A Hidden Benefit to Travel Nursing

Maybe you’ve considered travel nursing, but don’t think it’s for you. You want to build a solid career, working your way up in a respectable hospital, being that nurse who knows everything and everybody. The go-to authority on all things in your department. It’s certainly an admirable goal. But how to achieve that?

If you’re early in your career, travel nursing can have some unexpected perks. There’s the obvious, getting to travel and see different areas of the country or the world; making your own schedule; choosing your assignments; bonuses and perks; but the real career benefit may be in opportunities and contacts.

Making the A-List
Have you ever dreamed of working at Johns Hopkins? It may be hard to get a job there without impressive references unless you have a degree from a premier school. But how do you get references from the movers and shakers in medicine? Travel nursing may provide those opportunities.

The first thing to do is research potential assignments. Choose hospitals where doctors are making the news in your specialty. Medicine is never stagnant, and when you expand your education, you also enhance your career. Take every opportunity to attend lectures, to meet and impress specialists, and to be helpful to people who attend and assist those specialists. Know enough to ask an interesting question or offer an informed opinion if you are presented with an opportunity. Make sure that every doctor, nurse, and administrator you meet along the way remembers your name…in a good way.

Always be networking
I can’t say it often enough. Even if there’s no chance for a personal discussion with an important person in the field, introduce yourself, shake hands, and ask for a business card. You can always attempt to engage later by sending an email with an intriguing subject line or joining a forum where doctors and nurses interact. The important thing is to persevere, and to be engaging, so people will want to know more about you. You may even try friending people you admire on Facebook or LinkedIn. Be careful about going overboard; you don’t want to cross the line into stalker territory. Just keep your communications efforts interesting, light, and lively.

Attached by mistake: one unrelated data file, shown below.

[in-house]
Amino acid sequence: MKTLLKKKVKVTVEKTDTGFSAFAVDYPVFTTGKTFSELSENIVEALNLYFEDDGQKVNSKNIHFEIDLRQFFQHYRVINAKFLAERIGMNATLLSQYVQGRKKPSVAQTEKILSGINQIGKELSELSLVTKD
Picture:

Who’s your rockstar?
If you could have a personal conversation with anyone in your field, who would it be? We’re so connected today that engaging people in any line of work is no longer out of reach. You may have to do a little digging to find people you admire online, but you can be sure that they are somewhere. They may hang out in a forum or on a discussion board, on their own websites, or on Facebook or Twitter, but anyone with a viable career is online somewhere. And so are you. Think about it. And while you’re at it, think about how positive name recognition can open doors.

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